The sprawling General Motors Detroit-Hamtramck plant will become the automaker's first factory dedicated to the production of electric vehicles. Once the home of the discontinued Chevy Volt, the facility will begin its new life rolling out battery-powered pickup trucks in late 2021.
Shortly thereafter it will also churn out copies of the Cruise Origin autonomous vehicle which was just revealed last week in San Francisco. Eventually, a number of electric truck and SUV models will be manufactured in the revamped space. The plan calls for a total of $2.2 billion to facilitate the transformation.
With Michigan Governor Gretchen Whitmer present, GM President Mark Reuss said,
"Through this investment, GM is taking a big step forward in making our vision of an all-electric future a reality. Our electric pickup will be the first of multiple electric truck variants we will build at Detroit-Hamtramck over the next few years."
Despite its pioneer status in the electric vehicle space, GM has been seen as something of a laggard of late. With only a single EV among its various brands in the U.S. – the Chevy Bolt EV – it's being outsold by the relative newcomer Tesla. Even its German rival Volkswagen Group has finally begun to make good on its long-promised electrification program.
Fans of EVs and the Detroit company should soon have more to cheer about, however. Speaking with company officials prior to the announcement, InsideEVs was given the impression that a number of other electric-vehicle product announcements would be coming in the near future. Though it may not seem like it from the outside, the automaker has been laying the foundation for an electric future.
It has put together a $2.3 billion joint venture with LG Chem for a facility to annually produce over 30 GWh worth of lithium-ion cells in Lordstown, Ohio. That's enough to supply as many as 600,000 cars. Additionally, since late 2018 the company has announced investments of $300 million for its Orion plant – home of the Chevy Bolt EV – and $28 million for its Battery Lab located in Warren, Michigan. It has also teamed up with Bechtel to help create a new charging network with thousands of stations. And this is all besides its EV efforts in China, like the recently revealed Chevrolet Menlo EV and the Baojun joint venture with SAIC.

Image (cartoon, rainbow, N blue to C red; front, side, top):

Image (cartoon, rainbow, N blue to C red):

For more details, about the Detroit-Hamtramck plan, check out the press release below.
Detroit-Hamtramck to be GM’s First Assembly Plant 100 Percent Devoted to Electric Vehicles
$2.2 billion investment will support 2,200 good-paying manufacturing jobs
DETROIT — General Motors’ (NYSE: GM) vision of an all-electric future is coming into clearer focus and gaining momentum with a $2.2 billion investment at its Detroit- Hamtramck assembly plant to produce a variety of all-electric trucks and SUVs. GM’s first all-electric truck will be a pickup with production scheduled to begin in late 2021. This will be followed soon after by the Cruise Origin, a shared, electric, self-driving vehicle unveiled by Cruise in San Francisco last week. Detroit-Hamtramck will be GM’s first fully-dedicated electric vehicle assembly plant.
“Through this investment, GM is taking a big step forward in making our vision of an all-electric future a reality,” said Mark Reuss, GM president during a press event at the plant with Michigan Gov. Gretchen Whitmer and other local and state officials. “Our electric pickup will be the first of multiple electric truck variants we will build at Detroit-Hamtramck over the next few years.”
When the plant is fully operational, this investment will create more than 2,200 good-paying U.S. manufacturing jobs.
GM will also invest an additional $800 million in supplier tooling and other projects related to the launch of the new electric trucks.
Since the fall of 2018, GM has committed to invest more than $2.5 billion in Michigan to bring electric vehicles to market through investments at Orion assembly, GM battery lab in Warren, Brownstown and today’s announced direct investment in Detroit-Hamtramck.
The plant’s paint and body shops and general assembly area will receive comprehensive upgrades, including new machines, conveyors, controls and tooling.
GM’s joint venture with LG Chem – which is investing $2.3 billion to manufacture battery cells in Lordstown, Ohio – will supply battery cells for the electric vehicles manufactured at Detroit-Hamtramck.
A key driver behind GM’s decision to make the commitment to Detroit-Hamtramck was the support this project received from the State of Michigan.
“The support from the state of Michigan was a key element in making this investment possible,” added Reuss. “This investment helps ensure that Michigan will remain at the epicenter of the global automotive industry as we continue our journey to an electrified future.”
Detroit Hamtramck currently operates on one shift of production and builds the Cadillac CT6 and the Chevrolet Impala. Approximately 900 people are employed at the plant. As previously confirmed, the plant will be idled for several months beginning at the end of February as the renovations begin.
The plant has built more than 4 million vehicles since opening in 1985. Hourly employees at Detroit Hamtramck are represented by UAW Local 22.